Diabetes – testing, treatment and complications

Diabetes can be diagnosed using various tests, some of these tests are used by people who are already diagnosed with diabetes to check their blood glucose levels.

Blood glucose tests

These are often done when someone has the symptoms of diabetes so that their blood glucose levels can be checked. Sometimes this is done straight away (without fasting), sometimes it is done as a fasting test. This is where the person will be required to not eat for around 8 hours before hand. Drinking water is permitted during the fasting period.

This test is often carried out by people who are already diagnosed diabetic to check their current blood glucose levels.

Oral glucose tolerance test

This test requires fasting of 8 hours before the blood glucose level is checked. The next part of the test will require the person to drink a sugary drink. After 2 hours they will then have their blood sugars checked again to see how the body is dealing with the drink.

HbA1c test

This blood test measures the average blood glucose level for the previous 2-3 months. It is a way of checking a persons long-term diabetic control. If the person has high levels of HbA1c (glycated hameoglobin) in their red blood cells, it means that the persons blood glucose levels have been high over the last few months. No fasting is required for this test.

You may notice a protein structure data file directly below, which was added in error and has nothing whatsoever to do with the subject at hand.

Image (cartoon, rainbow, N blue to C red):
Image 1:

Diabetes treatment

Unfortunately diabetes cannot be cured at present, but it can be managed successfully with lifestyle changes and medication.

Type 1 treatment

A type 1 diabetic will require insulin injections, although new developments such as pumps are sometimes being used.

Type 2 treatment

A type 2 diabetic will be advised to adjust their lifestyle such as losing weight if they are overweight, stopping smoking, doing more physical activity and eating healthily. If this does not help, or does not help enough, then tablets will usually be prescribed. It is quite likely that eventually the type 2 diabetic will need to have insulin injections.

Complications

If diabetes is not well controlled, it can lead to complications, such as:

  • Eyes – diabetes can affect the blood vessels in the eye, leading to problems with eyesight
  • Feet – diabetes can affect the circulation in the feet, this can lead to ulcers and other problems
  • Nerves – diabetes can cause nerve damage which leads to loss of sensation, numbness, pain and pins and needles
  • Heart – diabetes increases the risk of high blood pressure, coronary heart disease and strokes